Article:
Which record is your favorite?
Jason: The Fashion Focus.
Does that mean you’re not happy with the latest one?
Jason: I don’t think any of them are perfect. I don’t think we’ve ever put out a perfect record by any means.
What comes first the music or the lyrics?
Jason: The music.
How do you come up with the music?
Jason: I play a guitar riff over the chords and that’s the melody. I try to find words that will fit into that. Sometimes the words mean something sometimes they don’t.
What are the songs about?
Jason: Songs are basically me having a conversation with myself like if struggling in this area of my life or my job is bumming me out. It means something to me like if I had a diary.
Will Starflyer put out an instrumental record?
Jason: No, Starflyer is bordering on instrumental. Nobody’s going to buy an instrumental record.
Was there anything to the hushed vocal sound of the early records?
Jason: That’s just how the guy mixed it. I sing kinda better now than I did then, but I’m not like a singer.
Is the reaction of the fans to the sadness of the songs accurate to how the songs were written?
Jason: I’m not trying to be like this bummed out artist… It’s cool people can relate to it.
Do you listen to music in the truck?
Jason: I don’t listen to anything. (He later admits to listening to Starflyer demos in the truck.)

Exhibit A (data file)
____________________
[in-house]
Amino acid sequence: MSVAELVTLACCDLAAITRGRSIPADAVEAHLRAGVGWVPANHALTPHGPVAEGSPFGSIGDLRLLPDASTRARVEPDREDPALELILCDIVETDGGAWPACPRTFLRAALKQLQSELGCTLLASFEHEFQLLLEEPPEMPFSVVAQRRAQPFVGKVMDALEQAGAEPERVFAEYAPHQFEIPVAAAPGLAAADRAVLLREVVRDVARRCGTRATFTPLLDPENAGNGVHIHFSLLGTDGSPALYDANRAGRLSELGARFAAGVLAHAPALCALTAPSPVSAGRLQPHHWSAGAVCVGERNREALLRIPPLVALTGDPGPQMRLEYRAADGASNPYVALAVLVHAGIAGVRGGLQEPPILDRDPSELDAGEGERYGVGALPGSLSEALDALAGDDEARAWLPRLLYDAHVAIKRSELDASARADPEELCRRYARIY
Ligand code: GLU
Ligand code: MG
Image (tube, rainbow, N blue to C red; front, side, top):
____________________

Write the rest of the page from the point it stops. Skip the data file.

Will there be a reunion with Ronnie?
Jason: He’s played on stuff before. (Jason doesn’t sound like it’s going to happen anytime soon.)
About the strings on Leave Here A Stranger?
Jason: I wanted to give it an old fashioned sound. I was sick of guitars.
Do you view your band as a ministry?
I view it as anything you do should be to the glory of God… No, we don’t give altar calls or anything like that. We’re at a Christian festival and we’re a Christian band–it’s entertainment.
Check out the Starflyer 59 message board at sf59fans.com.
Over the years their brand of heavy guitars and hushed vocals has gradually mellowed into a delightful Brit-pop sound with “Leave Here A Stranger” (left), which has continued to establish the band as one of the most creative in the Christian scene and beyond.
I recently did an e-mail interview with Jason Martin, the man behind Starflyer’s music. It’s hard to describe him, but the word “Rock Star” is definitely not in his vocabulary. He doesn’t seem to really have much to say outside of his music, but most of the time music can say more than an interview anyway.
Matt M: Last summer before your show at Cornerstone there was a guy who proposed to his girlfriend. He talked about how Starflyer was his favorite band and how he was so excited that he found a girl that loved Starflyer as much as he did. Did he talk to you beforehand to set up the proposal and what was your reaction when he was proposing?